The 21 Best Album Re-Issues of 2017

In 2017, the music world saw amazing reissues from all over the genre map, spanning rock titans to indie upstarts and jazz to soul.

15. The Smiths - The Queen Is Dead (Rhino/Warner Bros.)

If there is to be a pinnacle in the fleeting sunburst that was the Smiths' brief career, The Queen Is Dead is often identified as it. To be sure, the Oscar Wilde-worshipping lyricist/vocalist, Morrissey, and the Keith Richards-worshipping guitarist, Johnny Marr, never came more consistently closer to the lofty ideals set by their idols. Morrissey's merciless wit was balanced with levity and a gentleness of spirit, and Marr's guitar alchemy was enhanced by digital samples and layers of studio overdubs. The energy of punk and the sparkle of glam were tangible, but so were the grace of folk and the limberness of soul. The rhythm section closed the deal on all of it. The Queen of Dead embodied the experience of disaffected youth every bit as much as Never Mind the Bollocks… had a decade before. This new edition only reconfirmed that fact. The included live set, meanwhile, was a timely reminder that on stage the band's raw power was formidable. - John Bergstrom

14. The Replacements - For Sale: Live at Maxwell's 1986 (Rhino/Warner Bros.)

The Mats had a reputation for wild live shows. This 29-cut double CD documents why. The band was at the point where they were leaving the confines of an indie label and a cult following to reach for major label commercial success. In fact this recording was made by the new label on state of the art equipment, presumably for use as a future release. But it never was issued, although the show has been widely bootlegged. The band rocks hard, playing everything from breezy pop like Vanity Fare's "Hitchin' a Ride" and the Beatles' "Nowhere Man" to their own early self-penned punk rock raves such as "Otto" and Taking a Ride" to soon to be classic gems from their forthcoming Tim including "Bastards of Young" and "Kiss Me on the Bus", as if each song was a house on fire. Much of this was due to Bob Stinson's scorching guitar, who was soon to exit the band because of his substance abuse. - Steve Horowitz

13. Judas Priest - Turbo 30 (Remastered 30th Anniversary Deluxe Edition) (Sony)

A commercial success upon its 1986, Judas Priest's tenth album Turbo was nevertheless a divisive one among hardcore metal fans who took issue with the band's focus on mainstream-friendly songwriting and production, as well as reliance on the Roland GR-20 guitar synthesizer. More than three decades later Turbo has aged surprisingly well, its exuberant party rock offset by some daring songwriting choices, namely on the two standouts "Turbo Lover" and "Out in the Cold". What makes this reissue particularly strong is the inclusion of a complete live performance from the summer of 1986. Contrary to the sleek, overproduced double live album Priest…Live! released in 1987, this show is raw, energetic, and powerful, a snapshot of the heavy metal legends at their most uncompromising. - Adrien Begrand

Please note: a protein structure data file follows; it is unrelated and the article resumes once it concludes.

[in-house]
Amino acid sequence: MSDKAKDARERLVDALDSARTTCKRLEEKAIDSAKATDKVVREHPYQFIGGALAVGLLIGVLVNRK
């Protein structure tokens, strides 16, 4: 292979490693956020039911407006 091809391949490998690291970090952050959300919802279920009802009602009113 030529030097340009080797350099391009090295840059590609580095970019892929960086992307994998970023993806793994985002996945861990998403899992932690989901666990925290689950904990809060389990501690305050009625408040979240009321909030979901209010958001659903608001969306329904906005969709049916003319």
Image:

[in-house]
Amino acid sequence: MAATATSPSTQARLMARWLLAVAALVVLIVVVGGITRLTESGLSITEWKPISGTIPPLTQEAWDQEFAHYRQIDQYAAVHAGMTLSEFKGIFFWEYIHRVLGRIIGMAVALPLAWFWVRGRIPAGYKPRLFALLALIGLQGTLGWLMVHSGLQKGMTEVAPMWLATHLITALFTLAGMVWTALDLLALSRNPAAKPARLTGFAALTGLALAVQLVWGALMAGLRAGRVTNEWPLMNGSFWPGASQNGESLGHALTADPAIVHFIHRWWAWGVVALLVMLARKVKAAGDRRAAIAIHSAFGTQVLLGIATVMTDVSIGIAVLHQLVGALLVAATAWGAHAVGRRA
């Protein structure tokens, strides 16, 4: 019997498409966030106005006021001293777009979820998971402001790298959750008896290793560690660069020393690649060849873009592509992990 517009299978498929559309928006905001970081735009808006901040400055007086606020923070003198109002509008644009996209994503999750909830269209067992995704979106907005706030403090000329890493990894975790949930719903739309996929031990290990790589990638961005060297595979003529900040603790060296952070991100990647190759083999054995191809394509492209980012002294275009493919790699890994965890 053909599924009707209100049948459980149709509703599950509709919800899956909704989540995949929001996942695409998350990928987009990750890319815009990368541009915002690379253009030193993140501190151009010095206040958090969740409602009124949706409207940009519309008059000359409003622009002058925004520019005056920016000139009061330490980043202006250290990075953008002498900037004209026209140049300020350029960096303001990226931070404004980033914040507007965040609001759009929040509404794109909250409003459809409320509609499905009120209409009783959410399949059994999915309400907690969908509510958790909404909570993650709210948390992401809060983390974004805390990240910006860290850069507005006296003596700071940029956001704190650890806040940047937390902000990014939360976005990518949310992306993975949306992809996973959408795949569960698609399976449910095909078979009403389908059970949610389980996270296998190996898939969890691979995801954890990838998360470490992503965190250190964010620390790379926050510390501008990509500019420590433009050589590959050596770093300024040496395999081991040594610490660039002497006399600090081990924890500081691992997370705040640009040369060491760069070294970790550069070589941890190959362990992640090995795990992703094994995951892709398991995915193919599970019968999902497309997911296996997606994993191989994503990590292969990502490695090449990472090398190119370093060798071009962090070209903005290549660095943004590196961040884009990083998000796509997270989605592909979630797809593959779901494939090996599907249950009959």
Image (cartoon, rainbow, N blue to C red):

12. Nick Lowe - Reissues, 1982-1990 (Yep Roc)

Although he's now enjoying the deservedly acclaimed "60-something crooner" stage of his career, Nick Lowe has always been respected as a power-pop singer/songwriter (not to mention lyrical genius) of the highest order. What better way to prove this than with simultaneous reissues of six of his albums from 1982 to 1990 that have been out of print for years. Not only is this a goldmine for longtime Lowe fans, it's also a terrific introduction for newbies unaware of Lowe's talents as a singer/songwriter. From the McCartney-esque pop/funk of "Let Me Kiss Ya" (from Nick the Knife) to the shimmering soul of "Time Wounds All Heels" (from The Abominable Showman) to the hilarious, confessional twang of "All Men Are Liars" (from Party of One), 80 tracks spread across eight years would be enough artistic high points to define an entire career. Fortunately, he's still at it. - Chris Ingalls

11. Metallica - Master of Puppets (Deluxe Edition) (Blackened Recordings)

Universally regarded as one of the greatest heavy metal albums of all time, Metallica's third full-length Master of Puppets has gained such stature among fans that its deification is something the band has had to come to terms with. As frustrating s it may be for any artist to live under the shadow of work they created in their early-20s, the members of Metallica grew up as heavy metal fans themselves, and they knew that an expanded reissue of Puppets would have to be done with great care and attention to detail. And to the band's great credit, no stone was left unturned on this glorious, 15-volume set that examines the band's evolution from 1985 to 1987: riff tapes, rehearsal footage, rough mixes, live recordings, the final performance by the late, great bassist Cliff Burton, audition tapes featuring replacement bassist Jason Newsted, and of course, a beautifully remastered version of the classic album. It is a veritable treasure trove, arguably the finest expanded reissue heavy metal has seen thus far. - Adrien Begrand

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